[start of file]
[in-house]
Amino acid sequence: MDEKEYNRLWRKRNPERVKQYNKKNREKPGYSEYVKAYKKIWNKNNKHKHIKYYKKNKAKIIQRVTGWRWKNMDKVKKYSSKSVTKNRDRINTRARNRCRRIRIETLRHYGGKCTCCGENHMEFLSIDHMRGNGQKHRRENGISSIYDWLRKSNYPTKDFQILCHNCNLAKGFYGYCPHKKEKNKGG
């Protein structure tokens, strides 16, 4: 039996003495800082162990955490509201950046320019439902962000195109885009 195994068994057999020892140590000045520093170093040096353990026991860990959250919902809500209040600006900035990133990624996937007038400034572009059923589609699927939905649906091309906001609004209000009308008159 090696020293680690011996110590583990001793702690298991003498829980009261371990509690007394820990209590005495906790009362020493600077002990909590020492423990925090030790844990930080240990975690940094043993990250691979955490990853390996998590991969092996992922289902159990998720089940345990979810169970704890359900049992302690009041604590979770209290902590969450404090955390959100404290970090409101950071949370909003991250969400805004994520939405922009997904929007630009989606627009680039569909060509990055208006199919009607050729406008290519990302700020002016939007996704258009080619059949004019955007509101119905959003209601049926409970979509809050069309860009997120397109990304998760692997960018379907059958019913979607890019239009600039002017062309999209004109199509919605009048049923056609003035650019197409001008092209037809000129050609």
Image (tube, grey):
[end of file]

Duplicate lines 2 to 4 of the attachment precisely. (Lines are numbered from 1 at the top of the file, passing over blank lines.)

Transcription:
Amino acid sequence: MDEKEYNRLWRKRNPERVKQYNKKNREKPGYSEYVKAYKKIWNKNNKHKHIKYYKKNKAKIIQRVTGWRWKNMDKVKKYSSKSVTKNRDRINTRARNRCRRIRIETLRHYGGKCTCCGENHMEFLSIDHMRGNGQKHRRENGISSIYDWLRKSNYPTKDFQILCHNCNLAKGFYGYCPHKKEKNKGG
């Protein structure tokens, strides 16, 4: 039996003495800082162990955490509201950046320019439902962000195109885009 195994068994057999020892140590000045520093170093040096353990026991860990959250919902809500209040600006900035990133990624996937007038400034572009059923589609699927939905649906091309906001609004209000009308008159 090696020293680690011996110590583990001793702690298991003498829980009261371990509690007394820990209590005495906790009362020493600077002990909590020492423990925090030790844990930080240990975690940094043993990250691979955490990853390996998590991969092996992922289902159990998720089940345990979810169970704890359900049992302690009041604590979770209290902590969450404090955390959100404290970090409101950071949370909003991250969400805004994520939405922009997904929007630009989606627009680039569909060509990055208006199919009607050729406008290519990302700020002016939007996704258009080619059949004019955007509101119905959003209601049926409970979509809050069309860009997120397109990304998760692997960018379907059958019913979607890019239009600039002017062309999209004109199509919605009048049923056609003035650019197409001008092209037809000129050609």
Image (tube, grey):